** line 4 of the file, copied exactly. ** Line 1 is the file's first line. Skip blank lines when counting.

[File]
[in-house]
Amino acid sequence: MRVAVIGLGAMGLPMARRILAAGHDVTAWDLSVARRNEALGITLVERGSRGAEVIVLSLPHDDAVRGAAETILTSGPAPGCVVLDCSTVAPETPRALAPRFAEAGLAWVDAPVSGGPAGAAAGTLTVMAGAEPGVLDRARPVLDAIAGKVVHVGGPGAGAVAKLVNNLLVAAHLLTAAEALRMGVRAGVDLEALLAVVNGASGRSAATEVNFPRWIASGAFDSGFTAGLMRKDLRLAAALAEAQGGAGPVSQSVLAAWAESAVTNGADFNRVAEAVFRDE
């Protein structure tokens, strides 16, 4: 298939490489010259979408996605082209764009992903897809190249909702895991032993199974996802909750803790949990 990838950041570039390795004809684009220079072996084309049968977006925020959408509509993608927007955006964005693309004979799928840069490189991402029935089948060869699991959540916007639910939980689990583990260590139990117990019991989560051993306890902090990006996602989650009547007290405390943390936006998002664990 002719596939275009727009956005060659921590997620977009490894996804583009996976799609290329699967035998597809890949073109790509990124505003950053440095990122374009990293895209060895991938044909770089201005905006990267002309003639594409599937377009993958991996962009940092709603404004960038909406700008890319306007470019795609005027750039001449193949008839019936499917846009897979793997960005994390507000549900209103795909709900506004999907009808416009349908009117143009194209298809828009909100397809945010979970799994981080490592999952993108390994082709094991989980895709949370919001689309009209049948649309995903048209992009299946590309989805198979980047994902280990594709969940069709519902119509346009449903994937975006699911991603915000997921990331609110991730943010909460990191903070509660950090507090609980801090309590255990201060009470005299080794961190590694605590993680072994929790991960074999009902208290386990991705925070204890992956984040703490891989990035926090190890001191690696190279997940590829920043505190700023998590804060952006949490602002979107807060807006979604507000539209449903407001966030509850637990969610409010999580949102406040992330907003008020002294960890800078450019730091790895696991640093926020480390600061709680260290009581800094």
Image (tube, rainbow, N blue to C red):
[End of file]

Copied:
Image (tube, rainbow, N blue to C red):